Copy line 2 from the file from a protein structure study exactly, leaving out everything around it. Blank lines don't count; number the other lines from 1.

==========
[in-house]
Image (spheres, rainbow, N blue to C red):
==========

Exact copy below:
Image (spheres, rainbow, N blue to C red):